Still, a respectful and absorbing page-turner.

Pub Date: Feb. 3, 2015

ISBN: 978-0-312-57722-3

Page Count: 448

Publisher: St. Martin's

Review Posted Online: Nov. 19, 2014

Kirkus Reviews Issue: Dec. 1, 2014

Next book

THEN SHE WAS GONE

Dark and unsettling, this novel’s end arrives abruptly even as readers are still moving at a breakneck speed.

Ten years after her teenage daughter went missing, a mother begins a new relationship only to discover she can't truly move on until she answers lingering questions about the past.

Laurel Mack’s life stopped in many ways the day her 15-year-old daughter, Ellie, left the house to study at the library and never returned. She drifted away from her other two children, Hanna and Jake, and eventually she and her husband, Paul, divorced. Ten years later, Ellie’s remains and her backpack are found, though the police are unable to determine the reasons for her disappearance and death. After Ellie’s funeral, Laurel begins a relationship with Floyd, a man she meets in a cafe. She's disarmed by Floyd’s charm, but when she meets his young daughter, Poppy, Laurel is startled by her resemblance to Ellie. As the novel progresses, Laurel becomes increasingly determined to learn what happened to Ellie, especially after discovering an odd connection between Poppy’s mother and her daughter even as her relationship with Floyd is becoming more serious. Jewell’s (I Found You, 2017, etc.) latest thriller moves at a brisk pace even as she plays with narrative structure: The book is split into three sections, including a first one which alternates chapters between the time of Ellie’s disappearance and the present and a second section that begins as Laurel and Floyd meet. Both of these sections primarily focus on Laurel. In the third section, Jewell alternates narrators and moments in time: The narrator switches to alternating first-person points of view (told by Poppy’s mother and Floyd) interspersed with third-person narration of Ellie’s experiences and Laurel’s discoveries in the present. All of these devices serve to build palpable tension, but the structure also contributes to how deeply disturbing the story becomes. At times, the characters and the emotional core of the events are almost obscured by such quick maneuvering through the weighty plot.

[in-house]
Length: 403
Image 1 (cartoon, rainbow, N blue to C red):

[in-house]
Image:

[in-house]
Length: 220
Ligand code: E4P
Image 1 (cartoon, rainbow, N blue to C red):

Dark and unsettling, this novel’s end arrives abruptly even as readers are still moving at a breakneck speed.

Pub Date: April 24, 2018

ISBN: 978-1-5011-5464-5

Page Count: 368

Publisher: Atria

Review Posted Online: Feb. 5, 2018

Kirkus Reviews Issue: Feb. 15, 2018

Close Quickview